Gotta call myself out here for not bringing up, (blogging about), the LA Rising Festival when I first heard about it. It was a very important music festival and I should have given it more exposure. Maybe it was because I just wasn’t very excited about many of the performers, or maybe I was too focused on the high ticket price. But, the fact of the matter is that, Rage Against the Machine, (with the help of Goldenvoice Productions), actually set out to create a type of counter-culture music festival--the type of which that we have not seen in a very long time.
Unfortunately, I didn’t fully appreciate that until recently when I was reading Bob Avakian’s, “Birds Cannot Give Birth to Crocodiles, But Humanity Can Soar Beyond the Horizon.” In the beginning of Part 2 (Building the Movement for Revolution), the first paragraph ends like this:
“There can be, and must be, struggle—and a real, living alternative brought forward—in the realm of culture and ideology (including morals), even now, before the current system is swept aside—and as a critical part of building a movement for revolution to sweep away the current system.”
A few pages later, speaking more specifically about culture, he says:
“In short, we need, in today's circumstances, a counter-culture that contributes to and is increasingly part of building a movement for revolution—in opposition to a counter-revolutionary culture. We need a culture of radical opposition to the essence of everything that is wrong with this society and system, and the many different manifestations of that; we need an active searching for a radically better world, within which revolution and communism is a powerful and continually growing pole of attraction.”
So, this was the sixth time I’ve seen RATM live, and it wasn’t my favorite performance by them, but that’s not the point. I don’t really like the type of music that Rise Against or Muse play, but—again—that’s not the point. Those two bands have made some very powerful music videos and are coming from a different place, (politically), than most mainstream bands. The audience, also, was encouraged to visit the “Re-Education Camp” where more than 30 nonprofit organizations were invited—at zero cost—to promote their causes and raise awareness.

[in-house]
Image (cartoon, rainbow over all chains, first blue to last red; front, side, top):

More evidence of this show’s powerful impact can be found in a show review that the Los Angeles Times did:
“Rage’s PLUR is more like protest, liberate, unify and revolt, and it’s a message that resonated at the Coliseum, no doubt because the band's crowd is right in the thick of things, economically speaking. Primarily comprising twenty- and thirty-something blue-collar Angelenos that as a group have been hit hard by the recession, it’s a tribe that has as its spokesmen a band that formed in Los Angeles in 1991 while the city was simmering. As with two decades prior, it’s a demographic that sees before it an uncertain future and bears with it resentment at the mansions of Beverly Hills and all that they represent.
“So when Rage Against the Machine lead singer-provocateur Zack de la Rocha stood before 60,000 people, raised his fist, barked out wicked smart, superbly flowed calls to action, pointed out the disparity between rich and poor, spit venom at the billionaires and wondered on their power, the sense of no future that has ignited unrest throughout the world in 2011 felt shockingly, palpably present.”
This was a powerful festival. I hope we have many more like it. We’re going to need them if we want to build a whole different kind of revolutionary culture.